And those businesses are barely moving, or if they are, the deals are much more complicated now.
"Banks have almost totally frozen up," said Steven Rosen, president of Sunbelt Business Brokers of Pennsylvania, a franchise in Blue Bell.
"There's a big difference in how deals are being done in the last few months," said Rosen, who heads the Pennsylvania Business Brokers Association and FranNet, a national network of franchise brokers.
The deals are smaller - down, in Rosen's case, to an average of $90,000, rather than $150,000.
Sellers are having to finance more of the deal and agreeing to longer payouts, Rosen said. And, he said, more deals have to go through the Small Business Administration's program to back loans made by banks.
Even SBA activity is down due to decreased bank lending, said Lynn Ozer, a vice president at Susquehanna Bank and an expert in SBA loans.
"Every other time there was an economic downturn of any magnitude, SBA was busier. It was countercyclical," said Ozer, who trains lenders on SBA regulations.
"When the banks' credit boxes got smaller, my [SBA] world got bigger because this was a way that banks could still extend credit."
It's never easy for entrepreneurs to get loans to buy businesses, but Ozer and area brokers say it's particularly hard now.
"Everybody's risk appetite has got a noose around its neck," said Ozer, even though her bank is still lending, albeit cautiously. "These economic times scare even risk-taking types like me."
Even if a lending banker has confidence in the person and the individual business, bankers are afraid that whole categories of business could fail. "What is the next industry that is going to get hit," she said. "I've never had a year like this in my life."
Buyers, too, are in short supply.
"Buyers are frozen in fear," said Ron Hoxter, president of MidAtlantic Business Brokers Association, and Mill Creek Partners, a business broker in Conshohocken.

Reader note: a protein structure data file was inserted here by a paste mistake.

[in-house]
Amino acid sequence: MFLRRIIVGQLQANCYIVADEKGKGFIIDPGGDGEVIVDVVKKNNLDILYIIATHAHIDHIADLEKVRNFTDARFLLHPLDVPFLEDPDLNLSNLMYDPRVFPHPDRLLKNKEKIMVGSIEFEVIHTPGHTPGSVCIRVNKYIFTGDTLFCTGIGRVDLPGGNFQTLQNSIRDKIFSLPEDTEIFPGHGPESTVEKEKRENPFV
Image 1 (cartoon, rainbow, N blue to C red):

Typically, he said, 75 buyers a week call his office looking for deals. Now it's down by at least a third.
In the best of circumstances, he said, making the leap from employee to entrepreneur "is scary in and of itself," he said. "Now you are [also] buying a business in a tough economy."
Rosen said he was seeing more of the unemployed among the ranks of potential business buyers, partly because they may be able to use severance money to fund a business. "We are even seeing people who have retired and they are now saying they are going into business."
Other factors - declines in home equity and 401(k)s, the election and nuances in government-backed loans - are contributing to the slowdown.
Business buyers used to be able to build deals around equity in their homes. "But home equity loans are down and the equity itself is worth less," Rosen said. On Aug. 1, the SBA tightened regulations related to home equity.
Business buyers also used to be able to tap into 401(k) plans without incurring early-withdrawal penalties. "The mechanism is still there, but 401(k)s are down," Rosen said.
Even though SBA loans are relatively safe for a lender - 75 percent of the loan is guaranteed by the U.S. government - banks are less eager to write the loans, Ozer said.